Celia Hernandez of Santa Ana and her fellow students at Taller San Jose’s medical careers academy receive hands-on clinical training, case management, externship opportunities and job placement services that help to prepare them to enter the workforce.
Paging New Talent
More Health Professionals Needed To Address Workforce Shortages Affecting California’s Growing Diverse Populations
By David B. Littlefield and Adriana Godoy Leiss
As a high school student in the Inland Empire, Louisa Hanna enjoyed her classes in anatomy and physiology but she wasn’t sure what it would take for her to become a nurse, emergency medical technician — or even a physician.
“I wanted to explore the possibility of becoming a doctor,” Hanna said, “but coming from high school, I did not understand the amount or type of studying it would take to succeed as a pre-medical student.”
Not deterred, the Rialto native applied for college and was overjoyed when she was accepted into the biomedical sciences program at the University of California, Riverside (UC Riverside). Soon thereafter, she was invited to apply for its FastStart Summer Academy, an intensive five-week program for incoming freshman who aspire to medical and other health-science-based careers.
In addition to being immersed in science and mathematics, students of UC Riverside’s FastStart Summer Academy receive academic counseling, study skills assistance, peer mentoring, financial aid information and much more.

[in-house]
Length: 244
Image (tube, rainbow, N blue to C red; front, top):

The goal of the program — which received a $180,000 core operating support grant from TCWF in June 2009 — is to increase the number of disadvantaged students in the health careers pipeline.
“FastStart was a ‘crash course’ in what college would be like and put me in a much better position to succeed,” said Hanna, a first-generation American whose mother and father emigrated from Mexico and Egypt, respectively. “The staff and mentors set high expectations for me. It was very motivating to know that even when I did not believe in myself, they did.”
Hanna completed her undergraduate work at UC Riverside and earned her medical degree from the David Geffen School of Medicine at UCLA. Now a third-year family medicine resident at Kaiser Permanente Medical Center in Fontana, Dr. Hanna plans to practice in her community after her residency.
“I hope that by being able to provide medical services to patients in their own language, I can improve overall health in the Inland Empire,” she said.
A number of organizations and programs funded by TCWF (like FastStart, further profiled on the next page) are successfully cultivating similar opportunities for Californians across the state. These programs are helping to increase the number of culturally and linguistically competent health care workers, who are in very short supply.
“As California’s population continues to age and grow in size and diversity, increasing our state’s health workforce and its diversity is essential if we are to provide optimal access to health care with providers who have the cultural competence and language proficiency necessary for high-quality care for all Californians,” said Gary L. Yates, TCWF president and CEO.